A Time to Recharge

When I promised to write about “A Time to Recharge,” I planned to say that, without rest, prayer and study, our spirits become depleted and discouraged. That was a fine idea for a blog, but this morning a less-obvious insight presented itself. We were in church, celebrating Transfiguration Sunday, and the words to one of the hymns grabbed my attention:

Lord, transfigure our perception

With the purest light that shines,

And recast our life’s intentions 

To the shape of Your designs

(“Swiftly Pass the Clouds of Glory,” by Thomas H. Troeger.)

This verse suggests a key purpose for our quiet times with God: to submit our perceptions and intentions to His transforming influence. Perceptions and intentions are pivotal. If those are right, God can provide hope and energy “on the fly” in the midst of action. (Mid-air refueling, so to speak.) But if our perceptions and intentions are off course, more energy will only push us faster in the wrong direction.

Transfiguration Sunday celebrates an event that took place at the peak of Jesus’ ministry, when eager crowds were flocking to hear him. During this amazing time, the twelve disciples must have been drunk with excitement and pride. What an honor to be among the inner circle of such a leader—a man anointed by God with healing power! A man who might be the promised Messiah. It’s understandable if their heads swam with visions of grandeur. They even argued between themselves as to who would have the most honored position in the coming kingdom, when the Romans would be swept away before the Messiah’s might.

Jesus knew he must prepare them for what lay ahead. Soon they would leave their home territory in Galilee, where the rural people loved them. They would make their way to Jerusalem, in Judea, where Jesus’ northern accent identified him as a hick, while his message threatened the power of religious and political leaders. Jesus’ deliberate provocations would lead to his arrest, torture and execution.

Jesus first spoke of this to the disciples when they were gathered in a quiet place for prayer. He began by asking, “Who do people say that I am?” then followed with “But who do you say that I am?”

Peter famously answered, “You are the Christ, the Son of the LIving God.”

Jesus explained that he must suffer many things and be rejected and killed.

Peter protested, “God forbid, Lord! This shall never happen to you!”

In response he received this infamous rebuke: “Get behind me, Satan! You are a stumbling block to me, for you are not setting your mind on the things of God, but on the things of men.” (Matthew 16: 21-23)

A week later, Jesus took Peter, James and John to the top of a high mountain. There he was transfigured before them, his face and garments shining with white light. Moses and Elijah appeared beside him, discussing his departure which would take place from Jerusalem. The glory of God surrounded them like a cloud. A powerful voice said, “This is my beloved son…listen to him.” (See Matthew 17: 1-13, and Luke 9: 28-36)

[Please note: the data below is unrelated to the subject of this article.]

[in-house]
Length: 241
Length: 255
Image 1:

The disciples fell to the ground, terrified. The next thing they knew, the glorious light had vanished and they were alone with Jesus. “Rise, and have no fear,” he told them. On the way down the mountain, he again spoke of his approaching death—a theme he would mention repeatedly in the coming weeks.

What was the purpose of this mountaintop experience? Did Jesus commune with Elijah and Moses to strengthen himself for his ordeal? Or was it a show for the benefit of the watching disciples? The Bible doesn’t explain Jesus’ motives. I like to believe that he needed the experience as much as James, John and Peter did. Being human, as well as divine, Jesus may have shared our need to withdraw from the world in order to experience God’s presence more fully. This theory is supported by the many times the gospels report that Jesus went away to a quiet place to pray.

It is certain that the transfiguration affected the three disciples deeply. At first they were overwhelmed with terror. Then, for a time, they seemed not to understand the meaning of what they had witnessed. Later, after the resurrection, when they met their risen Lord, it all made sense. They began to preach boldly, explaining Jesus’ short ministry and miserable death in the context of the larger reality revealed that day on the mountain top.

This story yields many lessons. The simplest one is that it’s important to take time to seek God’s presence. Beyond that, we see that Jesus took extra measures to commune with God when things were going well. At a time when his ministry was growing by leaps and bounds, he took his three closest friends into the wilderness to seek God’s face, leaving the other nine disciples at the foot of the mountain to cope with a huge crowd and a demand for healing they were unable to meet.

In my life, I crave quiet times most when things are going badly. When my plans have failed and I feel discouraged, I want to crawl off into a corner and wait for God to comfort and inspire me. The example of transfiguration mountain shows that we especially need to seek God when our plans and projects are thriving. That’s when our egos threaten to lead us astray.

Worldy success, or even godly success, fires our imaginations with visions of even greater accomplishments. At that key moment, as new dreams are being born, we need to bring our treasured ideas to God and ask Him what he wants us to do with them.

Psalm 127 warns:

Except the Lord build the house, they labour in vain that build it: except the Lord keep the city, the watchman waketh but in vain.

When we’re feeling strong, competent and optimistic, we’re reluctant to take time out to seek God’s guidance—after all, we have so much work to do and it’s all so important.  Ironically, that is probably the time when we need it most.